St. Louis Post-Dispatch from St. Louis, Missouri on October 18, 1995 · Page 18
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St. Louis Post-Dispatch from St. Louis, Missouri · Page 18

St. Louis, Missouri
Issue Date:
Wednesday, October 18, 1995
Page 18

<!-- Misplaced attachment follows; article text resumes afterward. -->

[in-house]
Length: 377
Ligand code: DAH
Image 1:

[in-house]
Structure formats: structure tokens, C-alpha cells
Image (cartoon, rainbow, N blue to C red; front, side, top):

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6B ST. LOUIS POST-DISPATCH WEDNESDAY, OCTOBER 18, 1995 THE POST-DISPATCH PLATFORM I KNOW THAT MY RETIREMENT WILL MAKE NO DIFFERENCE IN ITS CARDINAL PRINCIPLES, THAT IT WILL ALWAYS FIGHT FOR PROGRESS AND REFORM, NEVER TOLERATE INJUSTICE OR CORRUPTION, ALWAYS FIGHT DEMAGOGUES OF ALL PARTIES, NEVER BELONG TO ANY PARTY, ALWAYS OPPOSE PRIVILEGED CLASSES AND PUBLIC PLUNDERERS, NEVER LACK SYMPATHY WITH THE POOR, ALWAYS REMAIN DEVOTED TO THE PUBLIC WELFARE, NEVER BE SATISFIED WITH MERELY PRINTING NEWS, ALWAYS BE DRASTICALLY INDEPENDENT, NEVER BE AFRAID TO ATTACK WRONG, WHETHER BY PREDATORY PLUTOCRACY OR PREDATORY POVERTY. Founded by JOSEPH PULITZER December 12, 1878 JOSEPH PULITZER, EDITOR AND PUBLISHER 1878-1911 JOSEPH PULITZER, EDITOR AND PUBLISHER 1912-1955 JOSEPH PULITZER JR., EDITOR AND PUBLISHER 1955-1986, CHAIRMAN 1979-1993 MICHAEL E. PULITZER, CHAIRMAN AND PRESIDENT NICHOLAS G. PENNIMAN IV, PUBLISHER WILLIAM F. WOO, EDITOR . FOSTER DAVIS, MANAGING EDITOR EDWARD A. HIGGINS, EDITOR OF THE EDITORIAL PAGE 900 North Tucker Boulevard 63101 (314) 340-8000 April 10, 1907 JOSEPH PULITZER l3 III! &$mm payout i . . V gAfoJ ESTRiaEDrlOIE k OF DOCTORS 0 for-profit' Jlll ; XjjEMTH NETWORKS JBLa ...raife .. PEOPLE p i;n ffmmi EDITORIALS A Call To Black Men . . . . However Americans in general feel about the racial views of Louis Farrakhan, they must concede that his Million Man March turned out to be a much-needed 911 call to black men and could well turn out to be a watershed event. Such mass gatherings typically are held to blame society for all urban ills. Participants used this one to raise many fundamental, self-critical questions about their personal responsibilities to families, to communities and to solving social problems. Americans genuinely concerned about race relations are right to demand that Mr. Farrakhan be held accountable for past anti-Semitic rhetoric; hatred, after all, is morally corrosive, no matter which group practices it. His critics should know, however, that the gathering in Washington was less a validation of his views than a signal that these times have caused considerable distress in black America. At the national level, a far-right political movement continues to gain momentum and seeks to destroy every social program in its path. Closer to home, blacks witness in their own communities young men who cannot seem to see beyond their next homicide; they are distressed by schools that don't educate their children, law enforcement that doesn't protect their families or their property, economies that have shut them out and general neighborhood deterioration that's eating up block after block of inner-city property. The smart critic of Louis Farrakhan would look beyond his rhetoric and seize upon the rare opportunity he has created. He has, in effect, delivered an army of concerned men just waiting to do battle with urban problems. It is gratifying to see that, some established groups, notably the National Urban League, understand this point. Rather than wasting energy on the Farrakhan debate, these groups are trying to figure out how best to tap into this army of volunteers before enthusiasm wanes, as it most certainly will. Moreover, there is nothing to prevent other local and national organizations from putting together their own versions of a Million Man March movement. Cities always will need neighborhood cleanup campaigns, tutoring programs and special projects to prevent adverse home environments from turning inherently good boys into bad men. Nor is there anything wrong with traditional organizations, such as United Way chapters, providing the administrative structure to make innovative use of the talent and energy of participants like those who attended the march. Until this event, many such organizations probably did not appreciate the untapped potential of black men, often scorned as a group, in addressing urban problems. It would be a shame, then, if the debate over Louis Farrakhan's provocative racial views caused the black community and the larger community to miss the opportunity to harness this raw human energy for the common good. . . . And A Plea For Understanding As 400,000 black men were pledging in Washington to become masters of their fate, President Bill Clinton was in Austin, Texas, Monday calling on whites and blacks to understand one another. There is nothing novel or daring about that idea, yet few leaders or would-be leaders are saying much about unity and reconciliation these days. So, Mr. Clinton's words were timely, and he deserves credit for using his office to discuss the gulf between the races and its corrosive effect on society. Naturally, both Senate Majority Leader Bob Dole and House Speaker Newt Gingrich criticized Mr. Clinton's speech, though one is hard-pressed to remember the last time either of them was willing to eschew code words and address racial division so thoughtfully and responsibly. Noting that blacks and whites "see the same world in drastically different ways" as dramatized by the reactions to the verdict in the O.J. Simpson murder case Mr. Clinton warned that there can be no healing until each race can learn to appreciate the other's perspective. Blacks' outlook is shaped by a long history of unfair treatment that continues today, especially in the criminal justice system and the world of work. Whites see a subculture of violence and irresponsible parenthood. Both are right, but not entirely so. The paradox of the racial divide is that it exists and seems to be widening despite economic and political progress for blacks in recent decades and despite the two races' shared values. Both blacks and whites believe in hard work, love for family, playing by the rules. In short, blacks and whites want the same things out of life. With so much in common, there is no valid excuse for pretending that the races can go their separate ways. Mr. Clinton had little to say about government's role in creating a unity of purpose, except to debunk the myth that affirmative action has given blacks an unfair advantage. If so, he wondered, how is it that blacks on average earn 60 percent of what whites do and college enrollment among blacks is declining? Instead, he emphasized individual responsibility for changing behavior and ending racial division. In so saying, he was carrying the message of the Million Man March. Standards For Missouri9 s Students Nothing would seem to be as simple as drawing up a set of standards and expectations for students and teachers to use as their guide, but the path from idea to reality has become an unexpected minefield. On the national level, standards about how to teach history have turned into a prolonged, bitter battle over basic conceptions of what this country stands for. The debate in Missouri has been less intense so far but equally instructive. ( When the national history standards first surfaced, they became a whipping boy for anyone opposed to what is often lumped together as "multi-culturalism." Complaints that the standards shortchanged traditional American heroes in favor of accomplishments by minorities caused a furor that was in some respects justified. Some groups wanted the standards scrapped altogether; a better course was suggested recently by two independent review panels revise the guidelines to include more classic American figures as well as those who have been given short shrift in the past. In Missouri, the pitfalls in drawing up academic standards have come not so much from what they said but from how they were written. An early draft was rejected during the summer by Robert E. Bart-man, the state's commissioner of elementary and secondary education, so they could be put into language that was easier to understand. The revised results won approval from the Commission on Performance last week and will be considered by the state Board of Education on Thursday. The new and improved standards try to make clear what Missouri students should know, in conceptual terms and in various subject areas, without micromanaging details of the curriculum in any specific district. People may read them and wonder, with good reason, why such broad guidelines need to be set down at all. Isn't it obvious that schools need to help students gain analytical, communication and problem-solving skills needed to function in society? In a sense, yes. Still, setting down such goals in writing not only fulfills the mandates of the Outstanding Schools Act of 1993 but provides a framework to see how well students live up to expectations. Debate in the coming weeks is certain to be spiced by arguments over side issues like outcome-based education whatever that is. But no one should let such red herrings cloud the big picture. In education more than in other fields, the trees too often obstruct the view of the forest. Having goals, broad-based as they may be, is critical to the success that every Missouri child has a right to expect. A Decent Citizen Of The World President Bill Clinton has told the 50th annual meeting of the World Bank and the International Monetary Fund in Washington that he wants to fully fund America's obligations to the World Bank's International Development Association (IDA), the agency that provides loans to the world's poorest countries. Unfortunately, the chances of Mr. Clinton's making good on his desire are slim to none. Congress would have to authorize $1.3 billion this year for the IDA. But the Senate is offering only $775 million, the House $575 million. Congress' determination to balance the budget in seven years precludes higher funding levels. Even delaying balance until 10 years from now, as the administration wants, wouldn't permit full funding of U.S. commitments to the IDA. Indeed, to replenish the resources of the International Monetary Fund, the IDA's parent agency, would require the developed nations to nearly dou ble their contributions over the next decade. If that doesn't happen, the rich nations are asking for trouble. The world's poorest nations will face rising social unrest and political turmoil, which could explode into a series of bankruptcies that would set off a financial crisis affecting everyone. Though private investment has a major role to play in developing the world's poorest economies, public aid is essential. Unless the World Bank has the money to continue to finance the construction of roads, bridges and ports at the same time the IMF helps poor nations to establish sound financial and regulatory policies private investors won't risk investing their money. What's more, although America has an obligation to help its own poor first, it cannot be a decent citizen of the world while altogether neglecting the needs of the poor abroad. After all, we do live on the sanie planet. ,., Simplicity, Anyone? it ru t h r LETTERS FROM THE PEOPLE Medicare Porridge: Is It Just Right? In this season of high voltage rhetoric surrounding the current debate over the future of Medicare, Rep. Richard Gephardt must feel like Goldilocks sampling porridge. Which Medicare plan is just right? Gephardt must choose the right bowl before the bears come home in November 1996. "Too cold" would be to leave the Medicare debate alone. Learning a painful lesson from President Bill Clinton's initial refusal to offer a balanced budget strategy, Gephardt had deduced it is far too cold politically to stay on the sidelines. "Too hot" would be the House Republican plan. The Republicans' fresh and thoroughly insightful look at how Medicare must be revamped to ensure its long-term stability must burn Gephardt's mouth. A slowed rate of projected increased spending in Medicare that reduces the American taxpayers' burden by an estimated $270 billion over seven years and guarantees system solvency (as well as a balanced budget by 2002) is illogical to "tax-and-spend Dick." Naturally, "just right," is the Gephardt plan. Ranting against the GOP plan with all the hysteria he can muster, Gephardt offers a reduction of future spending increases by "only" $90 billion over seven years. This Gephardt deems sufficient to ensure the long-term solvency of Medicare. Of course, in presenting this plan, Gephardt ignores the "too lukewarm" plan of that master fence straddler, Bill Clinton. After all, it was Clinton's own Medicare trustees who were the ones who presented the bad news of system bankruptcy that has stirred up all this trouble. And this is the same trustee report to which the president has responded with a $190 billion reduction from projected future spending growth plan of his own an amount obviously much closer to the plan of House Republicans than to Gephardt's. It is a fact that all of these Medicare plans slow projected future spending growth. The question is then: Which plan is going to work in ensuring the long-term solvency that Medicare requires and our seniors deserve? Gephardt defends his plan on the grounds that the Democrats are the only ones who understand what it takes to remedy Medicare. Over the last 30 years, the Democrats have "fixed" the program nine times. Is it any wonder Medicare is nearly bankrupt? Time and again, Gephardt has proven capable of submitting only - one solution to problems such as Medicare maximum taxes for the American public. Gephardt should seriously consider retiring from Congress to a "new forest." The bears are coming home to visit him November of 1996, and they want their porridge back. James Orlopp St. Louis Segregated Rails Howard F. Baer's Oct. 1 letter protests a lawsuit filed against the St. Louis Zoo to make the Zoo train accessible to the disabled. Although Paraquad is not a party to the suit, as the group's president, I feel it is important to understand why this suit has been filed. In his letter, Baer commented that "nature has a way of limiting us, and such limitations cannot be overcome by attorneys." It is true that disability is a natural part of life. But it is important for Baer to remember that trains are not a naturally occurring phenomenon. Neither are buses or stairs. These examples of human technology were developed precisely be- . cause all people are limited. In 1990, President, George Bush signed the Americans with Disabilities Act, which says that Americans should redesign institutional practices and structures that segregate people and foster discrimination. One of every five Americans has a disability, and we should take care not to exclude any part of the population. According to Baer, "a transportation system was badly needed because both the aged and the children wanted to get around our 80 acres in comfort." The Zoo train, then, is not a ride or a game. It is a form of transportation that has carried "30 million passengers." History has taught us that segregated transportation is discriminatory; it is wrong. If an inaccessible Zoo train says anything about our social values, it is that public goods are there only for those who are not "different." It teaches that discrimination is natural. In my opinion, discrimination and segregation are not natural. People have created these practices, and it is through human effort that segregation and discrimination will be eliminated. Max Starklof f St. Louis TV Violence I have one concern with the Sept. 21 article, "Movies, Children's TV Are Most Violent Study Finds." The report found that 1111 1 ju y WV - ii i i man in 1 ' 1 1 1 in many of the children's shows were the most violent, yet the suggest-, ed solution was "scheduling programs with violent themes or images at 9 p.m. or later." Children in the survey included third graders to 12th graders. Children of these ages do not often watch television after 9. Therefore, what would be the purpose in changing the times? Why not change the amount of violent content to solve the problem? Kristin Bryant Chesterfield I am completely outraged by the Oct. 7 editorial, "Clean Up TV Violence Voluntarily." I thought the Post-Dispatch was a defender of freedom and free speech as guaranteed in the First Amendment. It appears the Post-Dispatch has aligned itself with the hand of Big Brother as detailed in George Orwell's "1984." First, if you accept the premise that TV causes violence, then you are saying a person cannot distinguish between fact and fantasy. Second, why weren't Baby Boomers in the '60s and '70s out causing violent crimes like some of the youth today? We watched TV and even played army with toy guns. Third, I don't give a whole lot of credence to many of these so-called scientific studies and polls. These studies, polls and surveys are manipulated with their questions, and the creators of these are selling a service and a product. Fourth, some idiots cause accidents on our highways, especially drunk drivers, and we don't punish everybody for the sins of a few. Last and most important of all, where do we stop with censorship? What's next? Cleaning up books and magazines? Beware censorship and demagogues! Chris Liming St. Charles Don't Pollute I am writing in response to the Post-Dispatch article about Sierra Club ads attacking Sen. Christopher Bond. Bond called these ads , "totally insane, simply untrue." He also said the ads misrepresent, . his efforts to balance the budget while protecting the environment. , I disagree. . " ; This bill would devastate many , environmental and public health , . protections and make it harder tp ' , enforce these laws. The EPA's , budget is already less than 1 per cent of the federal budget, and ,. : Bond wants to cut 23 percent of it. ; If he wanted to balance the bud- get, he could find many other ; ,. . places to find that extra 0.23 per-. ; cent of the budget. - - ' -: Second, the Senate has added , II non-budgetary policy items de- ,', signed to limit existing environ-mental and public health proted- , -tions. These are called riders. ' The riders to the bill would do such things as specifically bar cen tralized vehicle inspections pro- -' ' grams; forbid issuing drinking wa- ; ter standards for arsenic, radon,'' ; sulfates and Cryptosporidium (the contaminate responsible for more than 100 deaths in Milwaukee in' - . the summer of 1993); and com-pletely exempt cement kilns and ' -other hazardous waste incinera-tors from air toxics regulations! 1 '; Why would someone, want to ' -forbid the EPA from issuing stan-' ' dards on arsenic in drinking water? 1 Maybe some special interest wanted that to happen. , The one thing Bond said that I do agree with is that the Senate ; version is better than the House -version. That's true,, but every- ' . thing I've listed above: has to do '. i ". with the Senate bill. Imagine what ; the House bill looks like. Bond is on the conference com-mittee that will reconcile these two horrible bills. He needs to stand up for clean air and environmental protection, and say no to the polluters that threaten our .'. . health by stopping this assault on the environment. Todd M. Foreman Organizing Director Missouri Public Interest Research Group St. Louis' Forget Eco Arch The Oct. 7 front-page article regarding the "Eco Arch" for East St. Louis demonstrates how misguided and self-serving some of , our "visionaries" can be. The planners suggest $1.5 billion to $2 billion of taxpayer money, although "they could start with as little as $50 million." Unfortunately, time, energy and front-page coverage are wasted on a ridiculous fantasy by people who don't understand basic priorities. Do they realize what impact $50 million, much less $1.5 billion, would have on the East St. Louis school system and the future of those students and their contribution to our community compared to the benefit of the Eco Arch? East St. Louis needs a great many things that will be more helpful than the Eco Arch. Ronald E. Henges Townand Country .1 mil We want to know what our read- ers think. Mail your opinions to Letters From The People, St. Louis Post-Dispatch, 900 North Tucker Blvd., St. Louis, Mo. 63101, contact us by e-mail at, or fax your opinions to (31 4) 340-31 39. Please keep letters short and to , ' the point; they may be edited for -length or clarity. Letters must in- . elude name, address and daytime phone number for verification. Be-. cause we receive so much mail, , we cannot acknowledge or return letters. , , ' , t